I haven’t read Steve Fraser’s new book, The Age of Acquiescence: The Life and Death of American Resistance to Organized Wealth and Power, but after reading this review, I sure plan to do so.
Fraser identifies a number of reasons why Americans acquiesce to the class warfare of the New Gilded Age:
Fraser explains the economics of decline effectively. The working class may have abandoned Marxian “class struggle,” but, he says, the capitalists haven’t; they have pretty much won the class conflict by destroying labor unions. But the problem for him goes beyond economics; the disappearance of the left-wing political imagination is his real concern. His analysis thus focuses mostly on the cultural and ideological.
He points to the distractions offered by consumer culture, “an emancipation of the imaginary and the libidinal whose thrills and dreaminess are prefabricated.” Consumerism and mass media offer pleasures that are private, that take people away from the political and social and economic grievances they share with others.
He emphasizes the particular idea of “freedom” that provides the heart of Republican Party ideology: Freedom in America is the freedom to succeed through individual initiative (rather than cooperative effort). Our heroes are the entrepreneurs, the “job creators,” and the enemies of freedom are the government regulations and taxes that shackle their creativity and energy (and which otherwise might go to serve social needs and the public good).
The ’60s maxim “the personal is political” meant that issues that seemed private — above all, women’s oppression — were in fact widely shared and required collective action to bring change. Fraser argues that what began as a call for liberation has today become a justification for avoiding the political, for substituting personal solutions for political ones: eat organic food, drive a Prius, send your kids to charter schools.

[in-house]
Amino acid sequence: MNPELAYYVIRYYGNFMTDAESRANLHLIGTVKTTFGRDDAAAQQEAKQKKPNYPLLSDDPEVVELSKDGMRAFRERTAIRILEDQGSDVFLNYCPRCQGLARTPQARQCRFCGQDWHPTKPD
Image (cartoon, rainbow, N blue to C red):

It’s an interesting thesis. As the review points out, Americans haven’t acquiesced on social issues–thus the gay rights movement, challenges to police violence, etc. But on economic issues, we have. And I think that’s right. Not all of us necessarily, but the capitalists did an outstanding job after the fall of the Soviet Union is discrediting even the slightest possibility that any system other than unrestrained American-style capitalism could work. Socialists were pushed back on their heels while class consciousness collapsed in American society (although it was already in decline since the 1950s). Horatio Alger myths have existed in American society since before Alger wrote them, but never before have so many people believed in them so whole-heartedly. And I don’t think student debt loads, economic stagnation, recession, and growing income inequality has really changed it that much, at least if my students are any sign.
The arguments about consumer culture and individualism I think are particularly interesting. I don’t think consumerism and resistance are necessarily counter to one another, but there is something about a society where even that resistance is heavily individualized and where one wears their politics not on their sleeve, but on their arm like a new tattoo that shows their own personally crafted politics for them. This highly individualized politics empowers people to resist on one level but also empowers them to drop out if the movement they’ve joined doesn’t take this or that position. Occupy did a lot but this atomized individualism is a big part of the reason why the same spirit and same problems didn’t allow it to continue and then didn’t reignite in some other way.
Anyway, I’ll try to review Fraser’s book for the blog and explore these issues in greater detail.